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The Effectiveness of Antiterrorism Policies: A Vector-Autoregression- Intervention Analysis
Walter Enders and Todd Sandler
The American Political Science Review
Vol. 87, No. 4 (Dec., 1993), pp. 829-844
Published by: American Political Science Association
Stable URL: http://www.jstor.org/stable/2938817
Page Count: 17
You can always find the topics here!Topics: Terrorists, Terrorism, Hostages, Time series forecasting, Statistical variance, Assassinations, Embassies, Statistical models, Forecasting models, Time series
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Using quarterly data from 1968 to 1988, we analyze the time series properties of the various attack modes used by transnational terrorists. Combining vector autoregression and intervention analysis, we find strong evidence of both substitutes and complements among the attack modes. We also evaluate the effectiveness of six policies designed to thwart terrorism. The existence of complements and substitutes means that policies designed to reduce one type of attack may affect other attack modes. For example, the installation of metal detectors in airports reduced skyjackings and diplomatic incidents but increased other kinds of hostage attacks (barricade missions but increased assassinations. The Reagan "get tough" policy, which resulted in the enactment of two laws in 1984 and a retaliatory raid on Libya in 1986, did not have any noticeable long-term effect on curbing terrorist attacks directed against U.S. interests.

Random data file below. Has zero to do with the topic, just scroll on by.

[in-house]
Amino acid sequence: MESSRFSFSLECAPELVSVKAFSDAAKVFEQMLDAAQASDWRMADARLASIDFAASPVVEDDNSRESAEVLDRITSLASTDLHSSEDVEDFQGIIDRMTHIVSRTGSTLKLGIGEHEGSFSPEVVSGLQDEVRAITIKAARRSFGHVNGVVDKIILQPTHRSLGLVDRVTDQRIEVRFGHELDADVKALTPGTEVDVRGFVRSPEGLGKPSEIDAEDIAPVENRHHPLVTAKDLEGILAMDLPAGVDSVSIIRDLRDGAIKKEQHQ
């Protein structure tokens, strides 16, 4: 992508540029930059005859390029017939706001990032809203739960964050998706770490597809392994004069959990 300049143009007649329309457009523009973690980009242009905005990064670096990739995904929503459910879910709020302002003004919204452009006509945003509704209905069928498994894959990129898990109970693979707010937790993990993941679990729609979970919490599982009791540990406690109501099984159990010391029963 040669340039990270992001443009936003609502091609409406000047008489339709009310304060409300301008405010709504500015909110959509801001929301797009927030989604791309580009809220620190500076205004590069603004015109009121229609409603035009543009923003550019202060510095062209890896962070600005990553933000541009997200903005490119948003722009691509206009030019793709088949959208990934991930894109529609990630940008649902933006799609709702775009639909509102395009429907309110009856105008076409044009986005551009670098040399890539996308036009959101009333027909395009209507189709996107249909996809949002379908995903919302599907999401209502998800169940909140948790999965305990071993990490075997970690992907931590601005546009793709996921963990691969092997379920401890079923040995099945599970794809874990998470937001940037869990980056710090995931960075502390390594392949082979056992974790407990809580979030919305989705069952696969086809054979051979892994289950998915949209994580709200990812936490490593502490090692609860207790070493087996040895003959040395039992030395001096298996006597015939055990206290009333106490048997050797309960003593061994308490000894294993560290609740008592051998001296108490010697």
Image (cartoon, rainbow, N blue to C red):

The American Political Science Review © 1993 American Political Science Association